Hill: You and I have said this to one another for years that at some point down the road if the doctor comes to either one of us and says, you know, I'm sorry, there's nothing we can do at this point, you have three to six months and that's going to be it and we'll try to make you as comfortable as possible. One of our reactions is going to be, well, OK, [laughs] it's time to eat all the bacon I can get my hands on. And I bring this up because of the passing of someone who has been in our homes for +30 years and was a delight, and that's Alex Trebek, the passing of Alex Trebek. And if anyone missed any of the tributes over the weekend on social media or obituaries, just one of those things that reaffirms my faith in humanity, one of those, like, oh, he appears to be every bit as good a person by all accounts as was projected on the television screen. Although, among other things, it did give me the opportunity to explain to my teenagers the Saturday Night Live version of Jeopardy! where Alex Trebek, when it was Celebrity Jeopardy, he was just tolerating, just barely hanging on, Will Ferrell, [laughs] as Alex Trebek just tolerating really, really dumb guests, Burt Reynolds, Sean Connery and others.

Barker: Sean Connery also having passed in the last week or week-and-a-half, whatever it is now that -- yeah, I saw somebody connect those two dots on a Twitter post. And it is something that all children should be exposed to, the Saturday Night Live Jeopardy! and the Black Jeopardy! that they've done more recently, which is also a good comedy. And Trebek, yeah, people were falling all over themselves to bring up stories, if they had them, of personal interactions with him or knowledge of things that he had done or the effects that he had had on their lives. So, it was really nice to see that kind of universal acclaim for not just his work but his life.

Hill: Hopefully he, you know, just thought of Warren Zevon whose advice in the [laughs] last days of his life was to enjoy every sandwich. [laughs] So, hopefully Alex got to do that down the homestretch. Boy! This is a melancholy way to end the show. Sorry about that.

Barker: Yeah, go back to stock prices, they're up a billion points right now. [laughs] Everybody who own stocks is phenomenally happy at things, and many, many, many, many people are happy with the election results, including the market, which got, I think, the seemingly Republican Senate element of the outcome of the election, still to be determined by the runoffs in Georgia, but the odds are favorable that it'll either be a Republican majority. Even if it were to be a 50:50 split, I don't think that that would be the kind of mandate where the corporate tax increase that was part of the Biden tax proposal could really be likely pulled off. So, that's something that the market is kind of wallowing in as well today.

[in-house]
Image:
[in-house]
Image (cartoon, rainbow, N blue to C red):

Hill: Well. And to go back to the stocks for a second, I mean, this is why we constantly talk about having a diversified portfolio, because if you've got Zoom Video in your portfolio and Peloton, and you also have Disney and Starbucks, it's like, all right, there have been points during the year where Peloton and Zoom Video were carrying the day for you, today it's the reverse, it's Disney and Starbucks that are boosting your portfolio, while stocks like Zoom Video on Peloton take a little bit of a haircut. But again, all the more reason to diversify as much as you can.

Barker: Yeah. No, it's a good day for value investors, and they have not had terribly many of them this year. But if you look at the, sort of, style box chart of returns, small caps is I think the first new high for Russell 2000, the best-known small cap index, in over two years. And so, you know, the number of new highs last year and this year for the Nasdaq and the S&P 500 is out of all proportion to the rest of the market. And that's nice that small cap investors have finally got their money back, if they put something down in August of 2018 there, they're back to even.

Hill: Bill Barker, always good talking to you. Thanks for being here.

Barker: Thanks for having me.

Hill: As always, people on the program may have interest in the stocks they talk about, and The Motley Fool may have formal recommendations for or against, so don't buy or sell stocks based solely on what you hear.

That's going to do it for this edition of MarketFoolery. The show is mixed by Dan Boyd, I'm Chris Hill, thanks for listening, we'll see you tomorrow.

This article represents the opinion of the writer, who may disagree with the “official” recommendation position of a Motley Fool premium advisory service. We’re motley! Questioning an investing thesis -- even one of our own -- helps us all think critically about investing and make decisions that help us become smarter, happier, and richer.